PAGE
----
Wednesday, March 29, 2006

Peruvian Politics 101

On Sunday 9 April, Peru will go to the polls to elect a new President and Congress. Since there will almost certainly not be a clear majority for any candidate, a second round of voting for president is expected to take place on 7 May.

It's a significant time for Peru; after all the turmoil of the last twenty years, it will be a substantial achievement for the process to run calmly, produce a clear set of results, and deliver an orderly handover of power.

Beyond that, the election will have a major influence on how the country develops over the next five years. There are fairly stark political differences between the presidential candidates, and the eventual outcome will give weight to one of the competing visions of the overall political and economic direction of South America.

The presidential candidates in Peru and their parties are:

Lourdes Flores Nano

The candidate for the Unidad Nacional party, Lourdes Flores is hoping to follow the example of Chile's Michele Bachelet and be the second woman elected president of a South American country. Described by some as a "right-wing conservative", she is in truth more of a pragmatist and a social liberal. Her policies and even some of her language appear to be modelled on those of Alvaro Uribe, the popular centre-right president of Colombia.

In congress since 1990, Flores distinguished herself by being among the staunchest opponents of Alberto Fujimori's constitutional coup in 1992 and a consistent critic of the Fujimori administration. In the last five years she has generally supported the neoliberal, trade-oriented policies of Alejandro Toledo.

Though she was a clear leader in polls as late as December 2005, Flores has gradually been overtaken by Ollanta Humala (see below). The latest poll shows her second, on 27 percent. However, on a head-to-head basis with Humala - likely to be the case in the second round of voting - polls have her preferred by 53 to 47 percent.

According to a poll reported by Peruvian TV station 90 Segundos, of those who say they will vote for Lourdes Flores, only 7 percent are motivated by a belief that she will combat corruption. Twenty-one percent say they will vote for her simply because she is a woman, while 39 percent favour her proposed policies.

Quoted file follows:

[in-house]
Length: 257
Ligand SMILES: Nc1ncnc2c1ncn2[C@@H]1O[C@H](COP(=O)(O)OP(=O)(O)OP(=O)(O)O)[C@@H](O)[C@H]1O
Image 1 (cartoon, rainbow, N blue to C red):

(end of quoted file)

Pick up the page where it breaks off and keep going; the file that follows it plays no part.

She promises to modernize the armed forces, create 650,000 jobs per year through mixed public and private investment, and lift tourism from 1,200,000 to 2 million visitors per annum. Her contribution to the obligatory rhetorical bashing of traditional enemy Chile has been a call to beat Peru's southern neighbour at its own game by strengthening commerce and "winninng the war of globalization".

Her campaign to date has focussed on an exhausting schedule of streetside meet and greet sessions in different parts of Peru. She danced the marinera (the national folk dance) in a visit to the north coast, and got down to reggaeton in the jungle city of Pucallpa.

Despite these efforts, and her clear, concrete policies, critics say that she is struggling to shake off her image as the "candidate of the rich" and to connect emotionally with majority of poor, marginalised Peruvians.

Ollanta Humala

Formerly a lieutenant colonel in the Peruvian army, Humala is head of the Partido Nacionalista, but for the election he and his candidates are running under the banner of the liberal Union por el Peru.

Along with his father Isaac and his brothers Antauro and Ulises, Ollanta Humala is a founder of the "etnocacerist" movement, which combines promotion of power for indigenous people with economic nationalism.

Widely described as a "left-wing populist", Humala sees himself as being in the mould of Fidel Castro, Hugo Chavez, and newly elected Bolivian leader Evo Morales. In January he attended the visit of president-elect Morales to the presidential palace in Caracas, where both Chavez and Morales pledged their support.

He promises to "stamp out" corruption and restore dignity to the Peruvian armed forces, which he says have been corrupted by involvement in drug trafficking and domination by graduates of the CIA-influenced School of the Americas (where he himself trained). He opposes foreign control of economic resources in Peru (especially by Chile) and proposes renationalization of key industries, beginning with the most recently privatized.

However, he has stressed a commitment to South American integration and "brotherhood", and boasted of his meetings with Chavez, Morales, Kirchner (Argentina) and Lula (Brazil) - pointedly, of course, leaving out Chile.

Humala has a chequered military and political history. In 1992 he commanded a unit near Tingo Maria during the struggle against the Shining Path, where it is alleged that he involved in human rights abuses. Investigations into this matter are ongoing.

In 2000, he led an "uprising" against Fujimori in the sierra of the Tacna region, along with about 60 other soldiers. Hugo Chavez recently called this a "quixotic" effort, but others have suggested that it was a piece of grandstanding, at a time when Fujimori's government was already crumbling.